Reviewer Conny Withay:Operating her own business in office management since 1991, Conny is an avid reader, volunteers reading the Bible to the elderly, and makes handmade jewelry. A cum laude graduate with a degree in art living in the Pacific Northwest, she is married with two sons, two daughter-in-laws, and one granddaughter.
Author: Carole P. Roman
“’Whew, that was close’ Captain No Beard said ‘Being a captain is hard work.’” Carole P. Roman writes in her children’s story, Captain No Beard – An Imaginary Tale of a Pirate’s Life.
First in “A Captain No Beard Story” series, this forty page square paperback is targeted toward preschool to early elementary school children and readers who like pirate stories. With no profanity, scary scenes, or violence, the book would best be read to beginner readers based on some of the more complicated words and lengthy reading. The fun, colorful illustrations are easy to decipher and cover the complete page with a nicely sized font wording.
In this cute make-believe tome, Captain No Beard truly has no hair on his chin as he commands his frigate, The Flying Dragon. His first mate, Hallie, is his cousin who is up to the challenge. Also on board are his stuffed animal friends: Mongo the monkey, Linus the lion, and Fribbit the frog, with an unnamed parrot that usually sits on the captain’s hat.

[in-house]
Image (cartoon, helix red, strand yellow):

Being the captain on a ship is hard work and Captain No Beard tells his mates this often. When he is asked to explain what “Shiver me timbers” means and Hallie does not know, he must look it up in his the Pirate Dictionary, which means work.
When a storm comes and they have to scramble to close the hatches, again he mentions how it is hard work to be in charge. And when his cousin almost falls overboard and gets soaking wet, he saves the damsel, reminding all of his hard work.
However, when the whole crew becomes scared of the voice from the deep who is a mermaid asking what they are doing, Captain No Beard quickly explains they are looking for treasure. The second the mermaid flops on the ship’s deck, reality returns when his mother enters the boy’s bedroom. Giving the two treasures of cookies, his mother winks. Hallie offers him another treat but he is too full since being a captain is hard work.
Playful and charming, the book offers readers a fantasy of fun while looking at the creative, expressive designs. Kudos to the author for winning the Pinnacle Book Achievement Award for this imaginary tale.
Thanks to the author for furnishing this book in exchange for a review based on the reader’s honest opinion.